Nevertheless, recent domestic actions taken by China do offer hope that China’s leaders are taking the threats associated with climate change seriously and are doing something about it.  For one thing, China’s leaders fully recognize that the environmental degradation caused by its breakneck economic growth over the last several decades, most of which was supported by the burning of coal, is not sustainable.  This heavy reliance on coal has resulted in untold amounts of damage to the country’s air, surface and groundwater, and soils.  Public health has taken a heavy hit as well – a report published last year found that outdoor air pollution contributed to 1.2 million premature deaths in China in 2010.  Accordingly, earlier this year Premier Li Keqiang announced a “war on pollution.”  Among other things, this war will consist of shutting down outdated small coal-fired power plants and industrial plants, reforms in energy pricing to boost renewables, and increases in government spending on measures to address water and soil degradation.  China is outperforming the United States on renewable energy, which now makes up about 20% of China’s energy mix.  China produces more wind and solar power than any other country on the planet, and in 2013 over 50% of new generation was renewable.  There are also indications that China’s coal use may peak as early as this year.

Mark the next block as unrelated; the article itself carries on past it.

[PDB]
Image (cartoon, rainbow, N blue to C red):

China is also a step ahead of the United States with regards to regulating carbon emissions.  It has introduced pilot cap-and-trade programs in five cities and two provinces that are designed to be replicated and implemented at the national level sometime between 2016 and 2020.  According to a recent study by Resources for the Future, these pilot programs increase the coverage of global emissions by carbon markets from less than 8% to more than 11%.  While the study notes that the pilot cap-and-trade programs are not perfect and could use some improvements, they nevertheless indicate that addressing climate change is in fact high on China’s list of priorities.

China is therefore, somewhat paradoxically, the source of both hope and despair when it comes to confronting the challenges presented by climate change.  It will certainly be very interesting to see how this paradox plays out in the upcoming climate negotiations on Lima and in Paris.

Why do the LDCs seek mitigation-focused INDCs?


During the ADP 2-6 meetings in Bonn last week, the Party negotiating groups seemed to be fragmenting, or perhaps undergoing realignment. (See our October 27 reflections on the overall meeting.) An interesting example is what appears to be a difference between the Least Developed Countries (LDC) group and the rest of the developing country groups on the scope of the Intended Nationally Determined Contributions (INDCs). The INDCs are expected to be a fundamental component of the new international agreement the UNFCCC has committed to produce by the end of COP21 in December 2015. Contrary to other developing country groups, the LDCs stated in the opening plenary that, “INDC’s should primarily focus on mitigation,” with adaptation and means of implementation (MOI) (i.e., finance, technology transfer, and capacity building) addressed elsewhere in the 2015 Agreement. One might wonder why the LDCs took this position, which actually aligns with that of the industrialized countries.